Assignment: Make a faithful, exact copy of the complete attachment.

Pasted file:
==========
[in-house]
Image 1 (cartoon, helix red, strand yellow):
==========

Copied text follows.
[in-house]
Image 1 (cartoon, helix red, strand yellow):